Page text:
Well, it was really fun to work with him, because I always like to work with the old pros.

Yeah, this was a guy that delivered the eulogy at Malcolm X's funeral.

No shit. Well, he also knew Kennedy, and there he was playing him in "Bubba." Life is full of ironies.

I also wanted to talk about your upcoming film, "Man With the Screaming Brain," seeing that you wrote the comic and are both directing and starring in the movie.

We can't talk about a ridiculous movie like that.

Are you serious? It sounds like a blast. I love watching capitalists get their comeuppance.

Well, it's basically a story of karma, and his comes back in a big way.

Is it an accident that the guy who gets his ass kicked by karma is a wealthy industrialist?

Well, those are guys that could learn some lessons. I'm a big fan of redemption. I like a character who is less of an asshole at the end of the film than he was at the beginning. It gives me hope. So "Man With a Screaming Brain" is a story of hope.

OK, so that just leaves us with the upcoming "Evil Dead" sequel and remake.

No, there's no announcement for the sequel, but there is indeed a remake. We'll probably get around to doing it at some point within the next few years. There's no part for me, you know.

Yeah, I know.

I'm going to be the old guy that works at the bait store. "Hey, you kids be careful! I've heard stories about that cabin."

Well, you're going to have to be involved in some way or people are going to go nuts.

Look, when we made the first "Evil Dead," no one cared or knew anything about anyone in the movie. We were five absolute nobodies. So there's no problem with putting out more movies, which doesn't mean that they're all going to be about Ash and his buddies. It just is going to be an "Evil Dead" story with a bunch of new nobodies. It doesn't matter. Or we'll just get Ashton Kutcher and cover him with blood.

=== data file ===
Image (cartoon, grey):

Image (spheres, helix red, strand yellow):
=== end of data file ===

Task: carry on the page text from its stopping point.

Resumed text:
Well, it's just amazing to think that, years ago, Sam Raimi and Peter Jackson, who started out with the over-the-top horror classic "Dead Alive," are now ruling Hollywood.

Yeah, those guys busted out. They went crazy.

Which says something about genre films like "Evil Dead" and "Bubba Ho-Tep," which are perennially underrated even though they are some of the most lasting movies in existence.

Yeah, some of them are. But it just goes to show you that audiences aren't as dumb as Hollywood thinks they are. A movie like "Evil Dead" can be crude, but it still is a handcrafted film, and there's something about that that audiences really pick up on. Film truly is an opiate, so you have to make sure as an entertainer that you are feeding people the most potent and progressive opium. Sure, you're distracting them from their daily lives, but for what purpose and with what film? That's why I go for humor, because we really need it. This country is getting too serious. We need a return to irreverence. And I'm happy to carry the flag.

By Scott Thill

Scott Thill is the editor of Morphizm.com. He has written on media, politics and music for Wired, the Huffington Post, LA Weekly and other publications.